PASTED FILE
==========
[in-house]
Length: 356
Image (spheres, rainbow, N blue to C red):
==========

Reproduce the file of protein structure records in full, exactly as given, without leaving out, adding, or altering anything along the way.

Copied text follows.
[in-house]
Length: 356
Image (spheres, rainbow, N blue to C red):